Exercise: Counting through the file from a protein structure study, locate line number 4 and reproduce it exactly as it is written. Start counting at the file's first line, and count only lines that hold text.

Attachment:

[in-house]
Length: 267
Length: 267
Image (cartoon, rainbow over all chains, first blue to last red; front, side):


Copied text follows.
Image (cartoon, rainbow over all chains, first blue to last red; front, side):